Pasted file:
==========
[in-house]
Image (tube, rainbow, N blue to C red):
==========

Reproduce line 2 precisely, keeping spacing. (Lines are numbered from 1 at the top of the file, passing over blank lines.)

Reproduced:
Image (tube, rainbow, N blue to C red):